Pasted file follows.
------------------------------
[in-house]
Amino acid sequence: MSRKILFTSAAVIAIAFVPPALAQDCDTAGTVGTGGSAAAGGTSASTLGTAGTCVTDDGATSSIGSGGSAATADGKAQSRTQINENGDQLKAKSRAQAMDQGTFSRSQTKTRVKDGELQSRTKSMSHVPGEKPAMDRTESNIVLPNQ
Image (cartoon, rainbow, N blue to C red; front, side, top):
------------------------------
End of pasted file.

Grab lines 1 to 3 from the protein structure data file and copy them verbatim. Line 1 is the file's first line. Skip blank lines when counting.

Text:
[in-house]
Amino acid sequence: MSRKILFTSAAVIAIAFVPPALAQDCDTAGTVGTGGSAAAGGTSASTLGTAGTCVTDDGATSSIGSGGSAATADGKAQSRTQINENGDQLKAKSRAQAMDQGTFSRSQTKTRVKDGELQSRTKSMSHVPGEKPAMDRTESNIVLPNQ
Image (cartoon, rainbow, N blue to C red; front, side, top):